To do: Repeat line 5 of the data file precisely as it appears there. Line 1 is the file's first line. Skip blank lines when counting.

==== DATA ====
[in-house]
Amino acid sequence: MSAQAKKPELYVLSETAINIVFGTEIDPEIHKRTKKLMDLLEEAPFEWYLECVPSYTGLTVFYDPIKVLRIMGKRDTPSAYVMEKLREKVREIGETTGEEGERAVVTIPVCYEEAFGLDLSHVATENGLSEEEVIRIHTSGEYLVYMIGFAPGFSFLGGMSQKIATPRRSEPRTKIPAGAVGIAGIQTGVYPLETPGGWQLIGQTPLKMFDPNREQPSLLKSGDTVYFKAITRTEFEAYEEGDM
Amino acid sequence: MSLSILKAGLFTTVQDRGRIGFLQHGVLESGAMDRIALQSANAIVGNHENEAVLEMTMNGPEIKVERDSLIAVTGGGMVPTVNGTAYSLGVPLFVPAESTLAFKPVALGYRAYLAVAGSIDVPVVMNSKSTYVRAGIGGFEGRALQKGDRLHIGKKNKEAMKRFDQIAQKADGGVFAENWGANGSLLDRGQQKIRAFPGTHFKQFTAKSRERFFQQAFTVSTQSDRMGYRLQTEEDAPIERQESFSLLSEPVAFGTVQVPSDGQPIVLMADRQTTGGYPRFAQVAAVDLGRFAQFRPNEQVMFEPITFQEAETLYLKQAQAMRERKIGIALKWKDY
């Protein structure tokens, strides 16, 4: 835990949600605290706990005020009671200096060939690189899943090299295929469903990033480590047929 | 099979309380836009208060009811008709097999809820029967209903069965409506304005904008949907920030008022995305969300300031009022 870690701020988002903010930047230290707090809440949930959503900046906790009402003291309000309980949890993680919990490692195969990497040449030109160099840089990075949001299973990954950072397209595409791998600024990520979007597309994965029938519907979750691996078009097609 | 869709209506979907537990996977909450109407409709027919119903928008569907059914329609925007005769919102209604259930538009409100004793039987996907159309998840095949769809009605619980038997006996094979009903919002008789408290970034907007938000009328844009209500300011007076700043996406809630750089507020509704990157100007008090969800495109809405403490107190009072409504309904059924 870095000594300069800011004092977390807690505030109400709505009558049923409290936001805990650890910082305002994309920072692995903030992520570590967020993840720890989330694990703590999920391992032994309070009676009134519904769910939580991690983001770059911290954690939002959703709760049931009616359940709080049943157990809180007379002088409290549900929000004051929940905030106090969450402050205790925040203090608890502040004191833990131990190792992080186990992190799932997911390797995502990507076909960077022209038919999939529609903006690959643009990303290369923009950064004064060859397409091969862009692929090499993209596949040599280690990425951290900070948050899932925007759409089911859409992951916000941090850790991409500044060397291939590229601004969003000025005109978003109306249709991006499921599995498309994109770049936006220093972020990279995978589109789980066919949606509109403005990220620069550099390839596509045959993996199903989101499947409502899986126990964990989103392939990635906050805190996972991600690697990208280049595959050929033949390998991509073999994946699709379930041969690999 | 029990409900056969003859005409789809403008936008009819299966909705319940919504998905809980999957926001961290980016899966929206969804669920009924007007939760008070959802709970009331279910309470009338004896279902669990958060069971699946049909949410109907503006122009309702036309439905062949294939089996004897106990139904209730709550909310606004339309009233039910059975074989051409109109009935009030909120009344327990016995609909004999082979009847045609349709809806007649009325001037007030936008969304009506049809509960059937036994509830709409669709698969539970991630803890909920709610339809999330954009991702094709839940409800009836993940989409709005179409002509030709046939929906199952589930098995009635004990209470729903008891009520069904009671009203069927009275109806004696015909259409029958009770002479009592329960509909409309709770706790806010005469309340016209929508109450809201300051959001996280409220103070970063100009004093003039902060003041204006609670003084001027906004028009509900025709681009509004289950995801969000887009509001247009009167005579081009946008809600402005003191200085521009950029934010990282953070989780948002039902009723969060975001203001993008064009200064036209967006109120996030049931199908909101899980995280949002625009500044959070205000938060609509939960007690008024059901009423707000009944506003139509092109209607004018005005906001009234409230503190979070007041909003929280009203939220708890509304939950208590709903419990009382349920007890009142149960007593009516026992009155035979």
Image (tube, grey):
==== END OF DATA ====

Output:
Image (tube, grey):